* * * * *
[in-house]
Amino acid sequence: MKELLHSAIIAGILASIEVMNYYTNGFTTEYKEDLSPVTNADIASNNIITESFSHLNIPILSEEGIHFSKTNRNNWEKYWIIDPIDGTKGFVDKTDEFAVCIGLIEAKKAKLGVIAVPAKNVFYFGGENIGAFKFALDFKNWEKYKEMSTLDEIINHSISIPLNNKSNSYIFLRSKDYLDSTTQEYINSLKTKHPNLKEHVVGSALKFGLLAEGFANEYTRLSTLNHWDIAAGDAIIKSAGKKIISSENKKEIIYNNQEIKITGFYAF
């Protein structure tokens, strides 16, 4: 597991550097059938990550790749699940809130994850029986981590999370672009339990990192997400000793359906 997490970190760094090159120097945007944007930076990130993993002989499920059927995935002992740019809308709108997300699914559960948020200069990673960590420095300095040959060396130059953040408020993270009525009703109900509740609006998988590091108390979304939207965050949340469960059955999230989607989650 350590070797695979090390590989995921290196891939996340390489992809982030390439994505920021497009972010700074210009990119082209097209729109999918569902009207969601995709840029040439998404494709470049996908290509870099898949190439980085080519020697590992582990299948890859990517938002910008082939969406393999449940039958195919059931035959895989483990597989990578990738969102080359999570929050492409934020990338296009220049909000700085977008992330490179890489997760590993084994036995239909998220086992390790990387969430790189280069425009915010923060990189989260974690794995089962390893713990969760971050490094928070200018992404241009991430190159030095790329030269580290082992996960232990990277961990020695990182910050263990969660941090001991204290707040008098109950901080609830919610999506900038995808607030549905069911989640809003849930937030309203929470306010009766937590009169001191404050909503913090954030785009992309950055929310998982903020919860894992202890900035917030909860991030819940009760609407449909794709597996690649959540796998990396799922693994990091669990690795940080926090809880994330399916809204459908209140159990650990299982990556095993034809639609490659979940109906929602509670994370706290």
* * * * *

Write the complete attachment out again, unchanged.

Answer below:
[in-house]
Amino acid sequence: MKELLHSAIIAGILASIEVMNYYTNGFTTEYKEDLSPVTNADIASNNIITESFSHLNIPILSEEGIHFSKTNRNNWEKYWIIDPIDGTKGFVDKTDEFAVCIGLIEAKKAKLGVIAVPAKNVFYFGGENIGAFKFALDFKNWEKYKEMSTLDEIINHSISIPLNNKSNSYIFLRSKDYLDSTTQEYINSLKTKHPNLKEHVVGSALKFGLLAEGFANEYTRLSTLNHWDIAAGDAIIKSAGKKIISSENKKEIIYNNQEIKITGFYAF
């Protein structure tokens, strides 16, 4: 597991550097059938990550790749699940809130994850029986981590999370672009339990990192997400000793359906 997490970190760094090159120097945007944007930076990130993993002989499920059927995935002992740019809308709108997300699914559960948020200069990673960590420095300095040959060396130059953040408020993270009525009703109900509740609006998988590091108390979304939207965050949340469960059955999230989607989650 350590070797695979090390590989995921290196891939996340390489992809982030390439994505920021497009972010700074210009990119082209097209729109999918569902009207969601995709840029040439998404494709470049996908290509870099898949190439980085080519020697590992582990299948890859990517938002910008082939969406393999449940039958195919059931035959895989483990597989990578990738969102080359999570929050492409934020990338296009220049909000700085977008992330490179890489997760590993084994036995239909998220086992390790990387969430790189280069425009915010923060990189989260974690794995089962390893713990969760971050490094928070200018992404241009991430190159030095790329030269580290082992996960232990990277961990020695990182910050263990969660941090001991204290707040008098109950901080609830919610999506900038995808607030549905069911989640809003849930937030309203929470306010009766937590009169001191404050909503913090954030785009992309950055929310998982903020919860894992202890900035917030909860991030819940009760609407449909794709597996690649959540796998990396799922693994990091669990690795940080926090809880994330399916809204459908209140159990650990299982990556095993034809639609490659979940109906929602509670994370706290």